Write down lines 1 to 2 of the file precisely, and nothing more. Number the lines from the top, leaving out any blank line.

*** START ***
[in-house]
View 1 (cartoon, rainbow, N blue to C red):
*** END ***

[in-house]
View 1 (cartoon, rainbow, N blue to C red):